8. To this day, Alan is annoyed with Delaware. The political borders contradict geographic sensibilities. In his view, the entire Delmarva Peninsula should be ceded to Delaware. Evidently, no one has thought to consult him on the matter. I have no such geographic hang ups. Geographic boundaries are temporary, political ones even more so. But I must confess to an interest in maps. I have collected hundreds of them over the years, and refuse to part with them, despite my wife’s semi-annual protestations.
9. HexDraw is a graphic editor that enables users to design board game maps based on a hexagon grid. Vienna-based Joachim Bader developed the software.
10. Examples of Alan’s half-board overlays can be found in several scenario packs including the Upham Pack, and the Ostfront Pack 1. Critical Hit! also published his restyled versions of Squad Leader boards 1-6, and 9-15. Alan was disappointed with the results of the latter project, partly due to low-quality imagery used for the final proofs.
11. Light Woods and PFZ will debut in the forthcoming Finnish module. Light Woods do not block same-level LOS. Instead, they are a +2 Hindrance. A PFZ represents an area cleared, or partially cleared, of vegetation in order to create a kill zone. Woods, for instance, may be converted to brush, or Open Ground, by expending PFZ points allocated at the beginning of the scenario.
|Broken Ground 2a|
12. Alan plans to launch a Kickstarter project shortly. He wants to channel his energies toward the creation of map boards (and counters) for ASL under his Broken Ground label. His short-term goal is to bring a dozen of his map designs to market. The boards will be same format as those found in Gary Fortenberry’s Action Pack 9. My current favourite is board BG-2a. At the moment, Alan is in the process of obtaining the support of veteran designers. Several have signed on already. Each designer has pledged to provide one or more scenarios to the project. The only requirement is that a scenario includes at least one of Alan’s new boards. Otherwise, designers are free to choose their own subject matter. Scenario designers interested in learning more about the project may contact Alan on GameSquad, or email battleschool at rogers dot com.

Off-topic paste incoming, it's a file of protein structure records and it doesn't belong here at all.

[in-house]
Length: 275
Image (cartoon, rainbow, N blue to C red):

13. Admittedly, the Steeple Location in 67J4 has LOS to the 67Z6 hill. However, the range is 15-17 hexes.
14. I would have liked to have seen some wire and mines in the German OB. The historical record suggests that they were abundant. However, the dense nature of the terrain partly makes up for the absence of these fortifications.
15. Bunkers are tougher still. Trenches may be used to create bunkers (B30.8) that will allow the Germans to reinforce or withdraw from a pillbox. Keep in mind too that all fortifications begin play Hidden, including the contents of pillboxes (B30.7).
16. The Russian Sniper Activation Number (SAN) is two. The combination of poor protective terrain, and a low SAN is bound to embolden the German player. Expect the Germans to take low-odd shots as a matter of routine.
17. Do not be caught napping as the Germans. The Russians may use Riders (D6.2).